Every investor wants to earn more returns and take lower risks. But in the world of investment, returns and risks run in direct proportion to each other. It means higher the risk higher will be the return and lower the risk lower will be the return.
For example, if you invest in debt or fixed income instrument, you will get steady flow but lower return. And if you invest in equities, say for longer period of time, you will get higher return. Note that equities come with higher risks while debt or fixed income instrument comes with lower risk.
What is mutual fund and PPF?
Most of the mutual funds are actively managed funds, which are run by fund houses or mutual fund Asset Management Companies (AMCs). PPF or Public Provident Fund is run by central government and comes under fixed asset class category.
Sachin Parekh, Owner and Founder, Save N Protect Financial Planners, said, mutual funds investments are subject to market risks, and investments in PPF are safe as it is a government of India initiative.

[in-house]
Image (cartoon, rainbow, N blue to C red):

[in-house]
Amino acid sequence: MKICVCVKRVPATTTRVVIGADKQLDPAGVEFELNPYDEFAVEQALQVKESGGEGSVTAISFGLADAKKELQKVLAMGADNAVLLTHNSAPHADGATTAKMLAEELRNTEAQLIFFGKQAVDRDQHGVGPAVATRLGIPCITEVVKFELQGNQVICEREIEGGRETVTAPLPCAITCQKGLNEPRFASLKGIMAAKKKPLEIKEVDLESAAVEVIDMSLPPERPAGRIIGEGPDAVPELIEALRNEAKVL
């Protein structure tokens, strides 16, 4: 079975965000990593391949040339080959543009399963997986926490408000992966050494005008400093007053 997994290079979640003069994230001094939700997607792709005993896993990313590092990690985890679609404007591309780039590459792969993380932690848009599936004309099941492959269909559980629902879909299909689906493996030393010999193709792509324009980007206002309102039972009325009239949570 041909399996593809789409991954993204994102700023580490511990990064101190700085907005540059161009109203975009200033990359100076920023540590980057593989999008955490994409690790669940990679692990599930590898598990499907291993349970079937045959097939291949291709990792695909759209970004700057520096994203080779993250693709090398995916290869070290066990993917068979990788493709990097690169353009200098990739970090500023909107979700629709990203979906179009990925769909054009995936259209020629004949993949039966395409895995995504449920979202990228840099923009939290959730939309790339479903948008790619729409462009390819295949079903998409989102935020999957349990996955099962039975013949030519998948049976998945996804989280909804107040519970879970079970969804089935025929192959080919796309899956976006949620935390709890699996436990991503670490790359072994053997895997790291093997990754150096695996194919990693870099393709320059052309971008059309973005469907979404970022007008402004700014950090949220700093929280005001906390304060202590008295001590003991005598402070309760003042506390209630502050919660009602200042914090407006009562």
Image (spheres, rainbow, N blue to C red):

“In mutual funds, being market linked, returns are not guaranteed and range from 4 per cent to 15 per cent depending on the product selected. While in PPF, the government declares the rate of return (RoI) of PPF every year. Typically return on PPF ranges between 7 to 8 per cent,” Parekh said.
a) Mutual Funds
In mutual fund investments, according to Parekh, there is a 10 per cent LTCG or Long Term Capital Gains tax applicable if your returns are over and above Rs 1 lakh after holding it for more than one year. “Besides, 15 per cent to 30 per cent STCG or Short Term capital Gains depending on the holding period of the product selected,” Parekh said.
He goes on to explain that investments done in ELSS or Equity Linked Saving Schemes up to Rs 1.5 lakh are eligible for deduction under Section 80C of the Income Tax Act, 1961. However, maturity proceeds are taxed at 10 per cent LTCG, he added.
Investments made in Public Provident Fund fall under EEE or Exempt, Exempt, Exempt category. Also, the invested amount is eligible for tax deduction under Section 80C up to Rs 1.5 lakh. “No tax payable while holding. Also maturity proceeds are tax free,” Parekh said.
a) Mutual Funds
Closed-ended funds like ELSS and FMPs or Fixed Maturity Plans have lock-in period of three 3 years. Whereas, open-ended funds don’t have a lock-in period but an exit load is payable depending on the product selected, according to Parekh.
In PPF, there is a lock-in period of fifteen years that applies. After the fifth year, partial withdrawals are permitted, Parekh explained.